The Barred Owl Butcher and Table takes the nose-to-tail philosophy to the next level. The items on the menu are influenced by Italian and Spanish traditions and are as beautiful as they are tasty and locally sourced.

Fried rabbit torchon with pimiento cheese grits and braised collard greens. Most ingredients are sourced from local producers.

By Daniel Pliska

The Whole Story
Experience the nose-to-tail concept at Barred Owl Butcher and Table.

In the world of restaurants, there exists a specific concept known as “nose-to-tail.” This type of restaurant focuses on whole-animal butchery of locally raised farm stock. The animals are brought to the butcher whole, then broken down and fabricated in many ways with the aim of utilizing the entire carcass in their menus.

In Columbia, Barred Owl Butcher and Table is committed to the nose-to-tail philosophy. The restaurant and butcher shop are owned by Ben Parks, Joshua Smith, and Brandy Hughes. Each of them focuses on separate roles in the operation of the business. Ben Parks, whom I first became acquainted with when he taught culinary arts at Hickman High School in 2006, is the chef and runs the kitchen. Joshua oversees the butcher shop and produces all the portion cuts and charcuterie items for the restaurant. Brandy is the general manager and runs the front-of-the-house operations.

The Barred Owl team is committed to the concepts of sustainability, seasonality, and using as much of the animal as possible through the butchering process. That philosophy is reflected on its frequently changing menu in dishes such as, confit rabbit with braised fennel and carrots.

Chef Ben defines the restaurant’s cuisine: “Our food is seasonal, farm-to-table fare that borrows heavily from Southern, Spanish, and Italian flavors. Our style of charcuterie is based on the Italian and Spanish traditions, so our menu flavors tend to go in that direction.”

Barred Owl purchases the farm stock from area producers. The pork is from Sullivan Farms (Fayette), Wagyu beef from Lage Farms (Jefferson City), lamb from Brooks Farm (Laddonia), poultry from Buttonwood Farm (California), duck from Hedge Holler Harvest (Mexico), and rabbit from Brandon Baumhoer (Jefferson City). And Barred Owl occasionally procures animals from other farmers.

Wagyu beef pastrami and pork capocolla.

Ben is proud that the restaurant is certified to make dry-cured salamis and that they all find their way onto the menu and butcher shop. When I visited, there was a butcher board with Genoa salami, jalapeño cheese curd hot link, lomo embuchado, chicken liver paté, and fried turkey boudin with baguette and accompaniments. The menu also includes many familiar items such as sandwiches, burgers, chops, and meatloaf—all served with imaginative twists. Some other dishes that I appreciate are cassoulet (a rich French-style braised bean and sausage dish with duck-leg confit and pork belly) and potato gnocchi with a buttermilk braised pork ragu.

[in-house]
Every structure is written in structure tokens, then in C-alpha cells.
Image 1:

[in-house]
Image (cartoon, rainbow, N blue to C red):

Barred Owl’s Butcher Shop offers a wide array of meat, plus cheeses, breads, and condiments.

Along with the food, which is served in a dining room featuring a warm, comforting, farm-style decor, the beverage program offers many types of wines, beers, and specialty hand-crafted cocktails, along with unique bottled sodas such as Bundaberg Ginger Beer and Boylan’s Black Cherry Soda. Popular cocktails include The Cold Black Heart (like a spicy grapefruit margarita) and the Manhattan Fashioned (an old- fashioned with a large frozen Manhattan cube that melts, combining the flavors). All the drinks can be summarized from their statement on Barred Owls’ website: “Our cocktail program is grounded in the same from-scratch ingredient-first ethos as our menu.”

Scotch eggs made with Merquez sausage are served atop shishito peppers and harissa yogurt. Diners appreciate the excellent cuisine and warm atmosphere of Barred Owl.

The restaurant’s name, according to Ben, was inspired by the hoot from the barred owl, which sounds like “Who cooks for you?” If you are interested in dining in a nose-to-tail restaurant that excels in that philosophy, then let the team from Barred Owl do the cooking.

Chef Daniel Pliska is a certified executive chef and author. He teaches culinary arts at Ozarks Technical Community College in Springfield.

All photos courtesy of The Barred Owl Butcher and Table.

Enjoy more articles by Daniel Pliska here.

Article originally published in the March/April 2024 issue of Missouri Life.